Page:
On the Accuracy, Media Representation, and Public Perception of Psychological Scientists’ Judgments of Societal Change

Hutcherson, Cendri A., Sharpinskyi, Konstantyn, Varnum, Michael E., Rotella, Amanda, Wormley, Alexandra S., Tay, Louis and Grossmann, Igor (2023) On the Accuracy, Media Representation, and Public Perception of Psychological Scientists’ Judgments of Societal Change. American Psychologist. ISSN 0003-066X (In Press)

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At the onset of the COVID-19 pandemic, psychological scientists frequently made on-the-record predictions in public media about how individuals and society would change. Such predictions were often made outside these scientists’ areas of expertise, with justifications based on intuition, heuristics, and analogical reasoning (Study 1; N = 719 statements). How accurate are these kinds of judgments regarding societal change? In Study 2, we obtained predictions from scientists (N = 717) and lay Americans (N = 394) in the spring of 2020 regarding the direction of change for a range of social and psychological phenomena. We compared them to objective data obtained at six months and one year. To further probe how experience impacts such judgments, six months later (Study 3), we obtained retrospective judgments of societal change for the same domains (Nscientists = 270; NlayPeople = 411). Bayesian analysis suggested greater credibility of the null hypothesis that scientists’ judgments were at chance on average for both prospective and retrospective judgments. Moreover, neither domain-general expertise (i.e., judgmental accuracy of scientists compared to laypeople) nor self-identified domain-specific expertise improved accuracy. In a follow-up study on meta-accuracy (Study 4), we show that the public nevertheless expects psychological scientists to make more accurate predictions about individual and societal change compared to most other scientific disciplines, politicians, and non-scientists, and they prefer to follow their recommendations. These findings raise questions about the role psychological scientists could and should play in helping the public and policymakers plan for future events.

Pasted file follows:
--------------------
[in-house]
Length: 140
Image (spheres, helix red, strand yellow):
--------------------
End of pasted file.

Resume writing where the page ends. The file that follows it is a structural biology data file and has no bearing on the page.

Item Type: Article
Uncontrolled Keywords: scientific intuitions, science communication, COVID-19, forecasting, lay theories of change
Subjects: C800 Psychology
Department: Faculties > Health and Life Sciences > Psychology
Related URLs:
Depositing User: Rachel Branson
Date Deposited: 06 Feb 2023 11:46
Last Modified: 14 Feb 2023 14:14
URI: https://nrl.northumbria.ac.uk/id/eprint/51321

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